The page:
This whole crème fraiche business came about several weeks ago. One of my MG friends, Katie, made Caramelized Garlic Tart for a presentation I gave on Growing Garlic. The tart and the aroma of roasted garlic wafting through the October air sure made the presentation a hit. (Katie found the recipe in Yotamv Ottolenghi’s cookbook Plenty.) The other night, we had a Potluck Postmortem for the Lemont Farmers Market. As the market’s Garlic Lady, I brought the tart.

Caramelized Garlic Tart

13 oz. puff pastry

3 medium heads of garlic, cloves separated and peeled

1 T. olive oil

1 T. balsamic vinegar

1 cup water

¾ T. sugar

1 tsp. chopped rosemary

1 tsp. chopped thyme

4.5 oz. soft, creamy goat cheese

4.5 oz. hard, mature goat cheese

2 eggs

6.5 T. heavy cream

6.5 T. crème fraiche

Salt & pepper

  1. Have ready a shallow, loose-bottomed 11-inch tart pan.
  2. Roll out puff pastry into a circle that will line the bottom and sides of a tart pan. Line pan with pastry. Place a large circle of wax paper on the bottom and fill with baking beans/weights. Leave to rest in refrigerator for 20 minutes. (The puff pastry I bought came in a 17.3 oz. package. I rolled it all out and had enough for a large tart pan and a small pie plate (for home sampling).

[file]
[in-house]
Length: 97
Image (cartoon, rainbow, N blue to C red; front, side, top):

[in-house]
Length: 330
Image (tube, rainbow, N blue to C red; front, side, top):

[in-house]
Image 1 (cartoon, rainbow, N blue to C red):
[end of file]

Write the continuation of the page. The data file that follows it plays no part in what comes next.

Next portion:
3. Blind bake tart for 20 minutes at 350 degrees. Remove weights and paper, and bake 10-15 minutes more. Set aside.
  4. Put garlic cloves in a small saucepan and cover with water. Bring to a simmer and blanch for 3 minutes. Drain well. Dry saucepan, return cloves to it and add olive oil. Fry on high heat—2 minutes. Add the balsamic vinegar and water. Bring to a boil—simmer gently for 10 minutes. Add sugar, rosemary, chopped thyme and ¼ tsp. salt. Continue simmering on medium heat for 10 minutes or until most of the liquid has evaporated and the garlic cloves are coated in a dark. caramel syrup. Set aside. (And take time to enjoy the fragrance of this heady combination.)
  5. Assemble the tart. Break both types of goat cheese into pieces and scatter in the tart shell. Spoon the garlic cloves and syrup evenly over the tart. Whisk together eggs, cream, cream fraiche, ½ tsp. salt and some black pepper. Pour custard over the tart filling to fill gaps, making sure you can still see the garlic and cheese.
  6. Reduce oven to 325 degrees and bake 35-45 minutes until the filling has set and the top is golden brown.
  7. Remove from oven and let cool a little.
  8. Take out of pan and lay a few sprigs of thyme on top for garnish. Serve.

Peeling Garlic: Pure relaxation and an aroma to send a cold scampering. So, to end my lazy day, I peel all of the single garlic cloves left from planting, blanch and freeze them so they will keep for December. Then I will welcome Richard, Sabine, and Lais with lots of garlic hugs and kisses and tarts. Laurie Lynch

Written On Slate: “Garlick maketh a man wynke, drynke, and stynke.”—Thomas Nash, 16th century poet

“Three nickels will get you on the subway, but garlic will get you a seat.”—New York saying

“There are five elements: earth, air, fire, water and garlic.”—Louis Diat

“There is no such thing as a little garlic.”—Arthur Baer